On day nine of our tour we woke up, as we were in the habit of doing every day, but this time… something was different. This time… we were going to KINGS CANYON!
Today was going to be another tough hike – similar to the hike from the second day that almost claimed my life. Gus and Christine didn’t come along on this hike, as both were too sick to reasonably do it. We were on our own for this one! It was a nice 6 km hike, and the first part of the climb was definitely the hardest. It was straight uphill for about half a kilometer. It certainly had my heart pumping! We were fortunate enough that there were stone steps for most of it.
When we got to the top the views were once again beautiful. We gazed out onto the horizon as we caught our breath. This was still only about 1/10 of the entire hike for the day!
The entire hike today was fascinating. It was almost like looking back into the past. The rocks at Kings Canyon were completely different than they were at both Uluru and Kata Tjuta. Actually, I hadn’t seen anything like them in all that I had seen in Australia.
I wonder if this is what the Grand Canyon looks like? I do want to go there one day soon as well. Is anyone up for a road trip?
As we walked, we would pass by ancient sand dunes and ripples in the rock which marked where a sea once lay:
Another cool area was called ‘Lilliput’, named after the little people in the Gulliver’s Travels stories. These rocks are like miniature versions of huge rocks we were seeing. I suppose that to insects these would still be the huge rocks. In retrospect I should have had my hand here to give you an idea of the small size of these little rocks:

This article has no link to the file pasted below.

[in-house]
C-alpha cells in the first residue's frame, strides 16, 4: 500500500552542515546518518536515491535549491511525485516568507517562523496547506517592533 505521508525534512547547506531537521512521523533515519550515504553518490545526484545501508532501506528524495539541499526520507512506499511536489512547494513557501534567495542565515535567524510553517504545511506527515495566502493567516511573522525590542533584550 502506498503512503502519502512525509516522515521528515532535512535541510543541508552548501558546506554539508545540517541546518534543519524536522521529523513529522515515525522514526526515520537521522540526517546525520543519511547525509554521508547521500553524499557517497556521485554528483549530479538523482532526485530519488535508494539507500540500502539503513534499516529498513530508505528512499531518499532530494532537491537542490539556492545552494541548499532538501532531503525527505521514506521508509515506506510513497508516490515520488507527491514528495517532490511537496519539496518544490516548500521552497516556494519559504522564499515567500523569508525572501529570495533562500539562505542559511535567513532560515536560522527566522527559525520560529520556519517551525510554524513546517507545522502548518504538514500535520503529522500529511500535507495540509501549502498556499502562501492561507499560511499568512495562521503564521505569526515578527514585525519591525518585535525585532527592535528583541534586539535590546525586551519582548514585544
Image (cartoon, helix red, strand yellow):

I do have a funny story about this section of the hike. By the time I got to this area (I was one of the last people to get there because I like to take my time! Why rush and miss out on all the sights?) I saw that everyone was standing over it taking pictures. Initially I figured that they just really liked the idea that this area was named after Gulliver’s Travels – but then I realized what they were really taking pictures of:
Can you see him? It is amazing how close in color to the rocks!
Anyway, back to the hike! Shortly after the lizard excitement we had another small disaster. Sarah D sprained her ankle on one of the rocks. We couldn’t turn back because it was dangerous to hike on the canyon in the opposite direction. Luckily, Sandra had a first aid kit along with her, so we wrapped up Sarah’s ankle nice and tight, and she thought she would be fine to hobble along slowly the rest of the way. We had already tackled the hardest part, so we figured that we’d see how she did. If worst came to worse, we could always dial 000 on our mobile phone, which is Australia’s version of 911. On we went!
About 3/4 of the way through the hike, we took a short detour when we saw a sign about a section of the canyon called “The Garden of Eden”. According to the sign, the Garden of Eden had abundant bird life, trees, and even a place to swim. Sarah, Sandra, and Pat decided to keep moving ahead and skip that part because of the ankle issue. The rest of us really wanted to see it so we parted ways and promised to catch up.
It was just as beautiful as was promised:
and the swimming was terrific!
While we having fun splashing around we heard a call from above. Sandra, Pat, and Sarah were looking down at us from a Garden of Eden lookout. They took a few pictures of us swimming from above, and I am hoping to have the pictures sent to me as soon as Sarah can upload them to a computer!
We took our time in the pool, it really was like a Garden of Eden, before we reluctantly got out of the pool and continued on our hike. The rocks got more and more interesting as we went along. The stripes on this one are incredible! Are any of you amateur geologists able to explain them to me?
Here is a close up of the stripes:
There was one point in the hike where we were able to (carefully) look down into the canyon from the edge. My pants are wet because we just went swimming and I didn’t change out of my swimsuit! Don’t start making comments!